Why is labour protection for temporary migrant workers so fraught? The next speaker in the Global Labour Speakers Series will address the question from an Australian perspective Tuesday.
The 21st century has witnessed a growth in temporary labour migration schemes in Australia and Canada – traditionally countries of permanent settlement, says Professor Joo-Cheong Tham of the University of Melbourne’s Faculty of Law.
Tham will deliver the talk “Why is Labour Protection for Temporary Migrant Workers So Fraught? A Perspective from Australia” on Tuesday, April 21, from noon to 2pm at S701 Ross Building, Keele campus. Fay Faraday, the Visiting Packer Chair in Social Justice at York University, will be the talk’s discussant. Everyone is welcome. Refreshments will be served.
“Such a development has been surrounded in controversy,” says Tham, who has published extensively on the regulation of precarious work and political finance law. “Their advocates see temporary labour migration schemes as securing a ‘triple win’ for migrants, their countries and the countries of destinations, while critics consider them as paving the way for the exploitation of migrant workers, stunted development of their countries and displacement of local workers in host countries.”
One point of consensus is, however, clear in these debates, he adds. Temporary migrant workers should effectively enjoy the rights conferred under labour and employment laws. Yet, what is most uncontroversial may turn out to be the most complicated – evidence internationally and in Australia and Canada strongly suggests that breaches of labour and employment laws are endemic with temporary migrant work.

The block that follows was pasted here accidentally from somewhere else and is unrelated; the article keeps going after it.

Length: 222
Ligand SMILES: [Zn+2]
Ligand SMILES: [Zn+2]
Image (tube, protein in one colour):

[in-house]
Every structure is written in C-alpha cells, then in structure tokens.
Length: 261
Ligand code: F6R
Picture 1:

Why is this the case? Tham’s talk will provide an Australian perspective on this crucial question.
Tham’s research has been published in print and online media, and he has written more than 40 opinion pieces. He regularly speaks at public forums and has presented lectures at
the Commonwealth, South Australian and Victorian Parliaments in Australia. He has also given evidence to parliamentary inquiries into terrorism laws and political finance law, and has written several reports for the New South Wales Electoral Commission.
His research on the regulation of precarious work is currently focused on the challenges posed by temporary migrant work in Australia – particularly, the precariousness of such work. Together with Iain Campbell of the Centre for Applied Social Research at the Royal Melbourne Institute of Technology University, he is leading an Australian Research Council project on this topic, which will include a comparison of the Australian and Canadian experiences of temporary labour migration, that will be undertaken with Professor Judy Fudge of Kent University.
The event is co-sponsored by: York University’s Departments of Social Science, Sociology, Geography and Political Science; the Office of the Dean, Faculty of Liberal Arts & Professional Studies; and the Office of the Dean, Osgoode Hall Law School.
The Global Labour Speakers Series at York University is a collaboration of the Global Labour Research Centre, the Work & Labour Studies program, the Canada Research Chair in Comparative Political Economy, and the Canada Research Chair in the Political Economy of Gender and Work.